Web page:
As for the constitution, I don't deny that it is based on some pretty shrewd observations about human nature, even though it is not the same type of document as anything Marx wrote, which was my point. I would dispute (as would opponents of ratification in the wake of the convention) that it was based on the idea that powers of government should be decentralized, but that might be another topic for another thread.

Finally, my larger point, getting back to your original post, is that Marx was primarily a theorist. He offered an analytical framework for understanding historical developments. He was not attempting, as the Framers were, to establish a new government. As I've said in all my posts, I think his framework is deeply flawed, but I also don't think you can understand history without coming to terms with it in one way or another. He has been very influential in a variety of fields, which is why students still learn about him, even if most of his predictions about class revolution have yet to come true.

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Marxist feminism is an entire branch of feminist thought that emphasizes the degradation of women as part of a system of division of labor. Even scholarly feminists who would not describe themselves as Marxists have been influenced by his thinking on the ways that industrial development affected gender roles.  I'm not sure what the Constitution has to do with any of this, as it doesn't really offer any reflections or analysis on society. Sociology had been around for a while by the time "communist" societies emerged, and Marx is universally acknowledged as an influence, albeit a flawed one. Despite what some ignorant demagogues would have you believe, Marx has just about nothing to do with modern liberalism.  Anyway, linked below is an article from enotes about Marx and sociology, followed by one from Stanford University about Marxist feminism. These are just two examples of his influence, and hopefully, they can demonstrate that Marxist thought, agree or disagree with it, goes well beyond "communism" as we imagine it. It has been applied to many different fields in an attempt (I think very flawed attempt) to explain much larger human issues, which is why it remains relevant.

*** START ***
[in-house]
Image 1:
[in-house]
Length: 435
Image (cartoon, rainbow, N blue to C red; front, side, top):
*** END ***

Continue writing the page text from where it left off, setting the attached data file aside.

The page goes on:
http://www.enotes.com/oxsoc-encyclopedia/marxism

http://plato.stanford.edu/entries/feminism-class/

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"We are talking about a system that caused massive amounts of destruction and misery everywhere it was even slightly introduced."

The same thing could be said, and quite cogently supported by mountains of examples, for capitalism.

I'm no Marxist. In fact, as a historian, I find his analytical framework way too reductionist. But he has been a powerful influence in just about every field of study from sociology (which he practically invented) to feminist studies, even if the societies that were ostensibly organized around his revolutionary philosophy collapsed. At the very least, I think his critics owe it to themselves to read his works before they dismiss them. I will go out on a limb and say that he is, along with Adam Smith, perhaps the most misunderstood and oversimplified thinker in the western tradition.  The fact that the Soviet Union failed does not make "18 Brumaire of Louis Napoleon" or Kapital any less important.

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I would echo what many previous posts have suggested which is that teachers teach it because it is both historically important and it is also an intriguing idea which has never been implemented in an ideal situation.  The argument that marxism has always failed is hard to counter, but we certainly can make an argument that capitalism has had its failures as well.  Many empires based on a capitalist economy have come to crashing and ugly halts and some above have suggested the rather ugly direction our own capitalist economy appears to be headed.

So The willingness to simply dismiss Marxism is perhaps understandable, but I think also relatively ignorant and dangerous.  Blind faith in one idea and the willingness to ignore others is always dangerous.